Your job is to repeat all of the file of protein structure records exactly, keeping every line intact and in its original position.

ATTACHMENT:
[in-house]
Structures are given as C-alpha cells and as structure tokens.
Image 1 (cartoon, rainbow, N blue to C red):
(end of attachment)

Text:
[in-house]
Structures are given as C-alpha cells and as structure tokens.
Image 1 (cartoon, rainbow, N blue to C red):